Q&As

Where residential properties built for a seller and based on the seller's design are sold, does the purchaser have any direct cause of action against the developer for any post-sale problems with the property?

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Published on LexisPSL on 30/03/2021

The following Property Disputes Q&A provides comprehensive and up to date legal information covering:

  • Where residential properties built for a seller and based on the seller's design are sold, does the purchaser have any direct cause of action against the developer for any post-sale problems with the property?

Under the Defective Premises Act 1972 (DPA 1972), a person who takes on work for or in connection with the provision of a dwelling owes a duty to ensure that the work is done in a workmanlike or, as the case may be, professional manner, with proper materials so that the dwelling is fit for human habitation.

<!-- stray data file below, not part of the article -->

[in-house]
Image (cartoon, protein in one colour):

A property developer can be liable where they have arranged for another party to undertake the work: DPA 1972, s 1(4).

For further information, see:

  1. Practice Note: Defective Premises Act—provision of dwellings

  2. Commentary: Duty to build dwellings fit for habitation: Halsbury's Laws of England [275]

The buyer should also review their contract with the seller to see whether it contains any obligations concerning the standard of construction. If so, and if they have been breached, the usual contractual remedies will apply.

The buyer may also have a direct claim against the builder if it has received a warranty'>collateral warranty or third party rights nomination in its favour. A collateral warranty is a contract that is 'collateral' to (ie sits alongside) another, primar

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